Verloc and Churchill are trying to make their way back to the “Colony” and we readers are just as confused as our main protagonist which helps create a deep sense of mystery of course. That is why Peeters has included the diary, so we can get up to speed at the same time as Verloc. It’s a neat approach and lends itself well to the David Lynch meets Ray Bradbury science fiction story. Through the diary entries that Verloc reads as he and Churchill travel towards the colony we get a pretty good idea of the type of man Verloc was…and it’s not all that flattering. He’s lost his Father’s book store to a conman, and is found laying face down drunk in an alley by his Brother, Conrad. His behavior has lost him his Wife, Silika, and his Daughter Lilja.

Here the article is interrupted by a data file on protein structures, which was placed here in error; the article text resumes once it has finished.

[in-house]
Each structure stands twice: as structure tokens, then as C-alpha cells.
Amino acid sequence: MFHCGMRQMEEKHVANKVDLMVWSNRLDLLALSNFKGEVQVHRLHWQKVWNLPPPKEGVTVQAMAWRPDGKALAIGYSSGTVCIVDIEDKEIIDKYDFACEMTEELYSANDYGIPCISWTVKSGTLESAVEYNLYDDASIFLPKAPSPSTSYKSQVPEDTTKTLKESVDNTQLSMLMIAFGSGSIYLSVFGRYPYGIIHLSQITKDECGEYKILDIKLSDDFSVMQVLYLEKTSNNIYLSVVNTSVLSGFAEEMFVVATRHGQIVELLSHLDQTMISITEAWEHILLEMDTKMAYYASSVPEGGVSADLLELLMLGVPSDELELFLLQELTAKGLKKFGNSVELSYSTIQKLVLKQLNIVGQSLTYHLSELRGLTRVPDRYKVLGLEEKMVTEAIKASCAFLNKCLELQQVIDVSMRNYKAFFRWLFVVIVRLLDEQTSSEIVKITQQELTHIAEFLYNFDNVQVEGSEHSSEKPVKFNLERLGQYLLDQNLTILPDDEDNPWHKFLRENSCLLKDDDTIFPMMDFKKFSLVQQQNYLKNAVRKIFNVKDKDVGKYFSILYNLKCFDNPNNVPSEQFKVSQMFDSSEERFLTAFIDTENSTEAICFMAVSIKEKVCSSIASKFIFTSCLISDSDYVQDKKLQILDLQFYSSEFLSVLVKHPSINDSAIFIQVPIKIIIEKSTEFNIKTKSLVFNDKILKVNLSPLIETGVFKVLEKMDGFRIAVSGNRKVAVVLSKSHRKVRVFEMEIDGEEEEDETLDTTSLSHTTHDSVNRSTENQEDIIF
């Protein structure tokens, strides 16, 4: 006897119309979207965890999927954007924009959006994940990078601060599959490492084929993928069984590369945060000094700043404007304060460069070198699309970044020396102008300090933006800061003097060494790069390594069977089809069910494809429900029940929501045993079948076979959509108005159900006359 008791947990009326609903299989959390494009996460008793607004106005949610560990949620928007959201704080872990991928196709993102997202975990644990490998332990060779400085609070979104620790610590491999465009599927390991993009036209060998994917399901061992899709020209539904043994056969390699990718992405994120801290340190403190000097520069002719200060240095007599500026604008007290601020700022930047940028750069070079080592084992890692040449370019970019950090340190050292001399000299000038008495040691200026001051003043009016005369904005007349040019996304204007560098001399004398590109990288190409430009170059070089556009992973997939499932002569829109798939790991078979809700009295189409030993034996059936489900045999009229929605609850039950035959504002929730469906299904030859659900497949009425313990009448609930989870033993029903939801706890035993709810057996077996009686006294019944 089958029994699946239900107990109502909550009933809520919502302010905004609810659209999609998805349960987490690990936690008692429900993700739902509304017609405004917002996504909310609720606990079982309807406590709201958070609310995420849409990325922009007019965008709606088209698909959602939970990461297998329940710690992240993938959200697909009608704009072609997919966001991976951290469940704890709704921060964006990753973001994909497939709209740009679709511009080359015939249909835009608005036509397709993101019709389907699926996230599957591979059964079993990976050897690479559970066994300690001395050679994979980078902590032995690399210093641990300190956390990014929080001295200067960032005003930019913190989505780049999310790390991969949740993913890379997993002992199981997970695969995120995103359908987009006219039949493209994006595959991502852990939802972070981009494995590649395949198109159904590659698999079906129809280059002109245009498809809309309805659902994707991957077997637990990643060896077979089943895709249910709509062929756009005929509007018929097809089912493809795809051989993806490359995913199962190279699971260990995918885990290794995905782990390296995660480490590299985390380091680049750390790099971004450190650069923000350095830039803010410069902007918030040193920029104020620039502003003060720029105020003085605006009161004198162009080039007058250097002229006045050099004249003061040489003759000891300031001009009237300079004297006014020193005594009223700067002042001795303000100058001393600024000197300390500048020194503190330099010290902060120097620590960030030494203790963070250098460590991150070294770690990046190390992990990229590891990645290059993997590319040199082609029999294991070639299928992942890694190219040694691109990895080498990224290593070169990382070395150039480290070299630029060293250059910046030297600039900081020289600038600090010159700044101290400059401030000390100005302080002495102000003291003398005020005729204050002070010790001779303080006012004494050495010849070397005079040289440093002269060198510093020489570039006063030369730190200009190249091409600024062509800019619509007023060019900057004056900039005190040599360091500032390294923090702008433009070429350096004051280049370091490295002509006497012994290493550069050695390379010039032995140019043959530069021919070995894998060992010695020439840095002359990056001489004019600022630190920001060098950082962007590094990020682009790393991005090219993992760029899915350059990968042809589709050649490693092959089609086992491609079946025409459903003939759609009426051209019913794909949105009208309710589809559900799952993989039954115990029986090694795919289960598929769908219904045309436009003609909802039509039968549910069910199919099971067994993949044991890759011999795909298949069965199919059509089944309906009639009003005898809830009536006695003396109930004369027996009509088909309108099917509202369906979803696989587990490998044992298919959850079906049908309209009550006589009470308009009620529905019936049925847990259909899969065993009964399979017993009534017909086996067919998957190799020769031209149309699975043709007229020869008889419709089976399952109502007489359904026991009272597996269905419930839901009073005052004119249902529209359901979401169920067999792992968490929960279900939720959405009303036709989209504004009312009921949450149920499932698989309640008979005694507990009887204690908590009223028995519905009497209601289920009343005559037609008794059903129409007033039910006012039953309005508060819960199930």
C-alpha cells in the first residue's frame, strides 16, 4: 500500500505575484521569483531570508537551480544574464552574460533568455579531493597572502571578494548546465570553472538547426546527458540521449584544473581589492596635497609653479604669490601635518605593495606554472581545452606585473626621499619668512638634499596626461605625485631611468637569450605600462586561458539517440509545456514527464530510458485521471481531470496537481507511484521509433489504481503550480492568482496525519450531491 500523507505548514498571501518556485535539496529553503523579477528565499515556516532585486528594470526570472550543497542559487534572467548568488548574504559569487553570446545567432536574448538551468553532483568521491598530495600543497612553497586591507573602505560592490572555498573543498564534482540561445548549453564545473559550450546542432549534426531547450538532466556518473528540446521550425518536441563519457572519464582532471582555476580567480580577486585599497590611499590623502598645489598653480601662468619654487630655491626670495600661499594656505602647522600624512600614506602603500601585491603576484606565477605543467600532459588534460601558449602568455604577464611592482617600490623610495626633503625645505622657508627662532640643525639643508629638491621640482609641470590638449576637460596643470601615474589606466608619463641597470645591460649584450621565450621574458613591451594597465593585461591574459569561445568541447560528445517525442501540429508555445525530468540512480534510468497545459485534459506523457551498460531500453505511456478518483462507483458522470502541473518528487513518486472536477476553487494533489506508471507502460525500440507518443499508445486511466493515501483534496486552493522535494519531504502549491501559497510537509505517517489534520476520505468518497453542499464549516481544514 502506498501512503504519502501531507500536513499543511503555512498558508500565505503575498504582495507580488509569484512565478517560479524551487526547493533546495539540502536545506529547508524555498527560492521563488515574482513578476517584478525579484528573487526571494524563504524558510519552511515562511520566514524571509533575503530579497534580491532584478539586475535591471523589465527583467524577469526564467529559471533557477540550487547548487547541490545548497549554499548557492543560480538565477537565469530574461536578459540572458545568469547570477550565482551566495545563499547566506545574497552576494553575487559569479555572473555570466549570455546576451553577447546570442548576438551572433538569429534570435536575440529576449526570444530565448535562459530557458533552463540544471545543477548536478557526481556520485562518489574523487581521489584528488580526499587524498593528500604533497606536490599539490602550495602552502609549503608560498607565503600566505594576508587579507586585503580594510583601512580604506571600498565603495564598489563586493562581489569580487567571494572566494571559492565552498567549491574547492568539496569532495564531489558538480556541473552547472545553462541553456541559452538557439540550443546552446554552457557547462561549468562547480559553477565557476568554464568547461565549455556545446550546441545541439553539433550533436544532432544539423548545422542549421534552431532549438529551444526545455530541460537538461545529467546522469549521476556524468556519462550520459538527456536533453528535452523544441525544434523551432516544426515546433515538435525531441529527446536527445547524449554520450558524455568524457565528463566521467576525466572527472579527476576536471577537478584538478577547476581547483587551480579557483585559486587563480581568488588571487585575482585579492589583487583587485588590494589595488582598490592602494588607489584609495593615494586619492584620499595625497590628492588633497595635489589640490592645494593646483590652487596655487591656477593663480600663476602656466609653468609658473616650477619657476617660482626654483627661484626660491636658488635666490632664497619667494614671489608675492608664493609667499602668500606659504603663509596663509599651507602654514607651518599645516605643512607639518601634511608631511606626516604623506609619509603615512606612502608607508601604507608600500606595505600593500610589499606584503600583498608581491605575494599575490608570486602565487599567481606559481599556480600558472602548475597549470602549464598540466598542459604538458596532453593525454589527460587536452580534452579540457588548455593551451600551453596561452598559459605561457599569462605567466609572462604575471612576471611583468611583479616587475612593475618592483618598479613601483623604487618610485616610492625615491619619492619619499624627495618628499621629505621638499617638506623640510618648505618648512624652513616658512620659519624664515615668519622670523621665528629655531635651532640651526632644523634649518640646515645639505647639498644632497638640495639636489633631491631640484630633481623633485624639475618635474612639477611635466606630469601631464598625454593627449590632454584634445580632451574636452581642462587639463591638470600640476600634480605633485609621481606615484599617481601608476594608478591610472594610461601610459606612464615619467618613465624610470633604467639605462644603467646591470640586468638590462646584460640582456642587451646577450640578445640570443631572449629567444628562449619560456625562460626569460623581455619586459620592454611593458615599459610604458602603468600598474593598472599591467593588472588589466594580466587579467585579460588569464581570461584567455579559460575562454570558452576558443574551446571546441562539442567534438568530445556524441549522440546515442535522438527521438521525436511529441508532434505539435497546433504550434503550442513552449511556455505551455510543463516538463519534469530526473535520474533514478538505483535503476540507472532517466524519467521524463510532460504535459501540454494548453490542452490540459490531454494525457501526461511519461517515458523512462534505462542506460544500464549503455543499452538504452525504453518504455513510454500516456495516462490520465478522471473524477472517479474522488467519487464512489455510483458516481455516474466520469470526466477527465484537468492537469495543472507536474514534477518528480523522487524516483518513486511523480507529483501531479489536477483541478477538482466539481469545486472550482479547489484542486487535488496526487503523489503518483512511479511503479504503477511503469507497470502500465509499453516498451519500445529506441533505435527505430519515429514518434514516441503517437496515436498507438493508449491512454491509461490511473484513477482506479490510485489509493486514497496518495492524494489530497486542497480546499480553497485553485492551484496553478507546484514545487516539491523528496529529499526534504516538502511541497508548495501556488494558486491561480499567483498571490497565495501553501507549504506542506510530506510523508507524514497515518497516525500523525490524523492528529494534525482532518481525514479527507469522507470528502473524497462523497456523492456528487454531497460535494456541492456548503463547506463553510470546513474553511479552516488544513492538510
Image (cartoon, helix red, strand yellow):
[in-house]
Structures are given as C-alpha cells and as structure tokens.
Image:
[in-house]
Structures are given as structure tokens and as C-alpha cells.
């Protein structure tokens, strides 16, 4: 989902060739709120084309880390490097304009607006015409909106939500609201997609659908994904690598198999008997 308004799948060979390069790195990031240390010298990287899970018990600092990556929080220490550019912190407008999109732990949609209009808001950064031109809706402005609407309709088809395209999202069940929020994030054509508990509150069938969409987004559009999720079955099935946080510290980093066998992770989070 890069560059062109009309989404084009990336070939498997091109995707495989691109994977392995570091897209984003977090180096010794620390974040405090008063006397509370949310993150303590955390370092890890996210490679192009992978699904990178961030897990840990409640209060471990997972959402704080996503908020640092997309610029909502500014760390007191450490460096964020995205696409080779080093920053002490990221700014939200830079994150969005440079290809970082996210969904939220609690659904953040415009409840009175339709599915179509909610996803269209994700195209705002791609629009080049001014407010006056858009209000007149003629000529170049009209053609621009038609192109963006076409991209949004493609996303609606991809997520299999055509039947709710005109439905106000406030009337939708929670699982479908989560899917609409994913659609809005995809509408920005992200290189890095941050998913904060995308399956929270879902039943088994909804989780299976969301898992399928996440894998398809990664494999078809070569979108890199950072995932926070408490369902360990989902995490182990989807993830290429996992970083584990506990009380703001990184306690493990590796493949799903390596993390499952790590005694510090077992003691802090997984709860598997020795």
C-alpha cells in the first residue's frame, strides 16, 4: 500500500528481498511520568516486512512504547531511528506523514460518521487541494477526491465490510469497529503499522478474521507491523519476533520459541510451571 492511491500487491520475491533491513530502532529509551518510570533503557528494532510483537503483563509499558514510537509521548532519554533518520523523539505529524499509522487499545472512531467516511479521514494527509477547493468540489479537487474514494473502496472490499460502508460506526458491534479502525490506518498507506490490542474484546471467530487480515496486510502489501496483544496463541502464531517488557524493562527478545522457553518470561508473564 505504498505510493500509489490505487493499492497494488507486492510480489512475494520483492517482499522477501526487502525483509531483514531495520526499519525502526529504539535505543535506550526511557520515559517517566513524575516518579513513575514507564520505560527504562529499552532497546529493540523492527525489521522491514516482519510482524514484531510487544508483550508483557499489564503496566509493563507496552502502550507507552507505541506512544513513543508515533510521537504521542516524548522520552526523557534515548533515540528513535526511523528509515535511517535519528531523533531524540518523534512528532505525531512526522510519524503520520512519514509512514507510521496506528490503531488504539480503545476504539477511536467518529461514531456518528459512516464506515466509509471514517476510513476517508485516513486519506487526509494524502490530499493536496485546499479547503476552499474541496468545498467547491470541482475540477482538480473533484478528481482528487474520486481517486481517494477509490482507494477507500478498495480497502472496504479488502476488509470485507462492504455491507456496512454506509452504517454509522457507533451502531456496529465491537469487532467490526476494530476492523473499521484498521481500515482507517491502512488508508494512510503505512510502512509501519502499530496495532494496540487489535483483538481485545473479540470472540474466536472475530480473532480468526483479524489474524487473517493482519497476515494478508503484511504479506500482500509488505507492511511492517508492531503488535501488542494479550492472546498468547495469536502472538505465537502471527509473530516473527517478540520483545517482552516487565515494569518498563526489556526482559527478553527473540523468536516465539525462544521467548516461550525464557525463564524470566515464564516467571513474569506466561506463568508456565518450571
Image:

Conrad’s timely arrival, rescue in fact of his older brother leads Verloc to join him and Churchill (Who we learn is Conrad’s bodyguard) as they head off the planet of Radiant to head to Ona(ji) to check up on something of an abandoned colony made up of scientists. Conrad’s brother works for a Biorobotics company called the Muy-Tang corporation, they are immensly powerful but helped caused a “crisis” that has shaken the Human race, those scattered amongst the stars, and it’s been five years since the company last made contact with the colony. The trio land on Ona(ji) to find a rather rude greeting from the surviving colononists, the kind of greeting where you find magnetic pulse cannons pointed at you.